In an effort to curb the rapid spread of misinformation during the novel coronavirus (COVID-19) outbreak, instant messaging service WhatsApp has decided to limit the forwarding of frequently forwarded messages to one chat at a time.
Messages forwarded many times are marked with double arrows “to indicate they did not originate from a close contact”, a feature introduced last year, said WhatsApp in a statement on Tue (7 Apr).
The instant messaging service said that its previous implementation of a restriction on such forwarded messages has led to a 25 per cent decrease in the forwarding of such messages at the time.
WhatsApp said that while it acknowledges that not all forwarding is bad, given that “many users forward helpful information, as well as funny videos, memes, and reflections or prayers they find meaningful”, many people have also been using the app to spread misinformation.
“We believe it’s important to slow the spread of these messages down to keep WhatsApp a place for personal conversation,” the service added.
WhatsApp, owned by social media giant Facebook, also said that it will be collaborating with non-governmental organisations and governments — including the World Health Organization and over 20 national health ministries — to “help connect people with accurate information”.
“Together, these trusted authorities have sent hundreds of millions of messages directly to people requesting information and advice,” said WhatsApp.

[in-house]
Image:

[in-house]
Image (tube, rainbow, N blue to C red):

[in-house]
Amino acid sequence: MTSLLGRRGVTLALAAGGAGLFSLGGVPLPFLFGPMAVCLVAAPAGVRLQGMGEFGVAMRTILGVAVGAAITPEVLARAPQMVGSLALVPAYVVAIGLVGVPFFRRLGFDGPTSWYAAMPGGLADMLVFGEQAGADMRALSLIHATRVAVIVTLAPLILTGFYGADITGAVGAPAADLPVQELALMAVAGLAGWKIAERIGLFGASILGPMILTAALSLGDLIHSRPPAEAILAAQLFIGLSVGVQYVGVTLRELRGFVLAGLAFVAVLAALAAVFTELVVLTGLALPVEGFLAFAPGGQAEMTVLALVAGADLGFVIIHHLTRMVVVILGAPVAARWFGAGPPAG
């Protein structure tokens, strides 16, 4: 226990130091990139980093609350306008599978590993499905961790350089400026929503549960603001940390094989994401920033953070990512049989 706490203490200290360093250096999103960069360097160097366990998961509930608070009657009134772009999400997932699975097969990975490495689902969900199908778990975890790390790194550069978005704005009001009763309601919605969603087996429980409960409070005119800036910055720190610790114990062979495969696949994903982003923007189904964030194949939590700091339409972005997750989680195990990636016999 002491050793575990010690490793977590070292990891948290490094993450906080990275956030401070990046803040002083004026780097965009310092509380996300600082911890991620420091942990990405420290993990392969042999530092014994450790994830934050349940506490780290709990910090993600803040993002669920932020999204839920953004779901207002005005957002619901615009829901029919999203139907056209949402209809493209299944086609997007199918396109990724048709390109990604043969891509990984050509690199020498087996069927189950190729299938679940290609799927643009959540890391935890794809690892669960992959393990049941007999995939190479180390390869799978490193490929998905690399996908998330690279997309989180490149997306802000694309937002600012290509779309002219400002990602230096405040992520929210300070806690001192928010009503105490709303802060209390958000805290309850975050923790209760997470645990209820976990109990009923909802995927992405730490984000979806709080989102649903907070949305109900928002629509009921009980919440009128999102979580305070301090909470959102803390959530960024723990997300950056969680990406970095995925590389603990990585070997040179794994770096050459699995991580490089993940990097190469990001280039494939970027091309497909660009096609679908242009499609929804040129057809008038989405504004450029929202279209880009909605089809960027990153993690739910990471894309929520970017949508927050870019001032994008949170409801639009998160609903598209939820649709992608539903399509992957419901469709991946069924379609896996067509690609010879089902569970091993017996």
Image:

Users can obtain more information on WhatsApp’s joint efforts with NGOs and governments on the instant messaging platform’s Coronavirus Information Hub.
Local media have previously reported instances regarding the COVID-19 outbreak in Singapore.
Among such instances were rumours stating that there have been people who are robbing residents under the guise of distributing reusable masks purportedly in line with the new Government initiative. This rumour — containing text and audio messages — was debunked by police last Sat.
Prime Minister Lee Hsien Loong was also made the subject of misinformation as he warned the people last week of an email impersonating him.
The email made a request for “contributions and thoughts” as Singapore tackles the spread of COVID-19. The matter has been reported to police, said Mr Lee.